Kiddosphere: No Monkeying Around: December 14th is Monkey Day!
I love all the little fun holidays I find when I’m looking for inspirations for a new post. When I found that December 14th is Monkey Day, I immediately thought of my favorite picture books starring monkey characters. Luckily, Monkey Day is also inclusionary, so we can also celebrate great books about apes and other primates!
“Caps! Caps for sale! 50 cents a cap!” Published in 1940, Caps for Sale has been a read-aloud favorite for many preschool story times and classrooms for generations. This story of a befuddled peddler and some very mischievous monkeys is sure to incite many giggles!
The Color Box is one of my favorite books about colors; when Alexander the monkey finds an otherwise ordinary-looking box, he leaps into different worlds of color. Sharp-eyed readers/listeners will be able to guess each succeeding color.
Need a picture book for a kindergarten or lower elementary read aloud? Count the Monkeys should be on your list. Mac Barnett’s interactive tale of a reader trying (in vain) to count monkeys on each page is fun to read and to listen to.
Gorilla Doctors: Saving Endangered Great Apes, part of the fabulous Scientists in the Field series, introduces readers to the Mountain Gorilla Veterinary Project, one of the oldest research organizations dedicated to saving the gorillas of Rwanda and Uganda. Young primate enthusiasts should also check out National Geographic’s Face to Face With Gorillas.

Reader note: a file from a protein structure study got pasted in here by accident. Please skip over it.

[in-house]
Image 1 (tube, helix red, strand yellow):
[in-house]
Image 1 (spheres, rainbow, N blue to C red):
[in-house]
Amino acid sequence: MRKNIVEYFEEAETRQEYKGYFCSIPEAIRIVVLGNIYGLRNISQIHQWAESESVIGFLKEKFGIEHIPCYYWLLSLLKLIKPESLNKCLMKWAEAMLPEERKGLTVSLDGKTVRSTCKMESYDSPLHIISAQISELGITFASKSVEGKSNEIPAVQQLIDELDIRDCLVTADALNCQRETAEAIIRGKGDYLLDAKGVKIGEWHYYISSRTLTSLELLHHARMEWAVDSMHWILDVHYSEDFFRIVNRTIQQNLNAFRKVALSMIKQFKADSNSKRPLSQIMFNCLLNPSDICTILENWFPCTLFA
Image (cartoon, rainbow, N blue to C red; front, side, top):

If I were to ask you to name the most famous picture book about a monkey, what would you reply? Most people would undoubtedly say Curious George. Most people, however, probably don’t know that George’s creators, Margret and H.A. Rey, fled Nazi persecution on bicycle with little but the clothes on their back. Tucked inside their few belongings was the manuscript for the first stand-alone Curious George picture book (he was earlier introduced in Cecily G. and the Nine Monkeys). The Journey That Saved Curious George: The True Wartime Escape of Margret and H.A. Rey is an origin tale better than any superhero story!
I never, ever expect my favorite books to win the Newbery Medal, so I was gobsmacked when The One and Only Ivan received the 2013 Newbery Medal. This improbable tale of a friendship between a silverback gorilla and an elephant is not for the faint of heart; it is overflowing with hope, heartbreak and love. Katherine Applegate based her story on an actual silverback gorilla that was inadequately sheltered at a mall for 27 years until he was relocated to a zoo that could better take care of his needs (she later wrote a picture book biography of the real Ivan).
Playtime? is on my list for the 2017 Caldecott; it may be a long shot (an Honor would be awesome!), I’ll admit, but this nearly wordless tale of a young boy trying to put a gorilla to bed is one of the funniest picture books I’ve read this year.
Me…Jane is a darling introduction to famed gorilla researcher Jane Goodall; it’s a strong read aloud choice, but those looking for more biographical information should pick up Who is Jane Goodall?, part of the super fun Who Is/Was series, or Primates: The Fearless Science of Jane Goodall, Dian Fossey, and Birut Galdikas, which is a great graphic-novel look at three prominent female primate researchers.
Want more informational books about primates? Browse through the J 599.8 section.
Jennifer Schultz, Youth Services Librarian, Fauquier County Public Library